Stayed up ’til 5:30 to finish. [Mr. PCN] wasn’t feeling well and really needed sleep so I couldn’t read in bed with the lights on. Instead, I STOOD IN THE HALLWAY to read. Why didn’t I go to the living room? Because I thought I’d just read a little and then go to sleep. I didn’t even sit down or lean against the wall. I really wanted to be as uncomfortable as possible to tire myself out so I’d go to bed. But I kept reading, and reading, and next thing I knew, I’d been standing in the hallway for three hours.
That might sound insane, but I love it when a book makes me do that. This is the story of twentysomething Catherine Bailey, who meets super-hot guy Lee Brightman at a nightclub. There’s a spark of attraction, which quickly grows into a relationship, then devolves into a nightmarish, obsessive situation.
The novel begins with Brightman on trial in 2005 for an attack on Catherine, though he spins it as something else. Cut to 2007, and Catherine, now Cathy, has turned into a hermit living in a different city, with PTSD and an extreme case of OCD that makes her repeatedly check the locks on her doors and windows. It’s exhausting, but at least she’s a survivor rebuilding her life. And then she gets a phone call saying Lee is being released from prison.
Cathy is certain Lee will come for her, but has a hard time convincing others of that, including the kind upstairs neighbor who might be developing an interest in her. She starts feeling gaslighted, as little things in her apartment are moved around, something Lee used to do, but nothing she can call the cops about. Would she have to confront him herself, and would she survive this time?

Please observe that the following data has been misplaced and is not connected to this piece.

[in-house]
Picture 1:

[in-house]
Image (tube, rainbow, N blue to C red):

Haynes cuts back and forth between 2003, when the two lovers first meet, and 2007, when Cathy is a shadow of her former self. Each time period plays with our emotions differently. It’s nice to see Catherine and Lee in happier times, when they were passionate and romantic. But as the story gets closer to the date of when The Terrible Thing happened, I was filled with dread, not wanting to witness it.
In 2007, Cathy’s OCD is sometimes painful to read about, but Haynes helps us understand the reasons behind her protag’s compulsions. And her growing friendship with Stuart, the nice neighbor, gives the story a sense of hope. Until Lee gets out of prison, and the terror starts all over again.
The novel has its frustrations, such as how Catherine couldn’t find one person, not even among close friends, who would believe her when things with Lee start taking a dark turn (everyone’s dazzled by his surface charm), or how she makes it astoundingly easy for him to find her in 2007 (let’s just say her contact info is the opposite of unlisted). But there was no stopping my obsession with knowing how it’d all end. After finishing the book, standing in the hallway at 5:30 a.m., I let out a sigh of relief that I could breathe—and sleep—again.
Nerd verdict: Head straight to the Corner